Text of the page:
On February 15, 2023 the Fourth District Court of Appeal issued an important decision regarding bank accounts held jointly by a husband and wife. For many years since the Florida Supreme Court decision in Beal Bank, SSB v. Almand & Associates, 780 So. 2d 45 (Fla. 2001), there has been a presumption that a bank account held by a husband and wife is an account held as “tenants by the entirety” (TBE) even if it is not designated as such on the signature card. The significance of an account held as TBE is that a judgment creditor of just one spouse cannot garnish the funds in the bank account. Only when the judgment creditor has a judgment against both spouses can the creditor garnish the account.

In 2008, however, the Florida Legislature amended Florida Statute §655.79(1) which reads “Any deposit or account made in the name of two persons who are husband and wife shall be considered a tenancy by the entirety unless otherwise specified in writing.” (emphasis added).

The Fourth DCA’s February 15, 2023 decision in Storey Mountain, LLC a/a/o Iberiabank v. John P. George, focuses on the “unless otherwise specified in writing” language in section 655.79(1) and finds that the bank’s own checking account agreement constituted a “writing” that negated the presumption that the account was held as TBE. The checking account agreement read as follows:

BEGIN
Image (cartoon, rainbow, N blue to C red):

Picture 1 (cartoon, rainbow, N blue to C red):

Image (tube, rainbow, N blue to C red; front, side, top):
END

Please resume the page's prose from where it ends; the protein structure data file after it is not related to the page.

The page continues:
FOR ACCOUNTS IN FLORIDA: If an account is in the names of spouses, you understand, intend and agree that such an Account is NOT owned as tenants by the entireties unless otherwise expressly designated on the Account records. We reserve the right to refuse to allow you to hold the Account as tenants by the entireties, in our discretion.  (emphasis added)

Thus, even though the husband and wife did not affirmatively disclaim their TBE status in a writing that they attached to the signature card, the Court held that the bank’s own documents served as the “writing” disclaiming TBE status. Having found that the couple disclaimed TBE status, the Court held that a judgment creditor of just the husband could garnish the bank account regardless of the fact that the couple were married.

The lesson to be learned from Storey Mountain is that if married couples want to protect their joint bank accounts from being garnished by a judgment creditor of just one spouse, then the couple needs to review their banking agreement documents to make sure these documents do not contain a disclaimer or waiver of TBE status. If the bank’s documents contain such language, and the bank either refuses to delete or amend the disclaimer language, the couple might want to consider doing their banking elsewhere.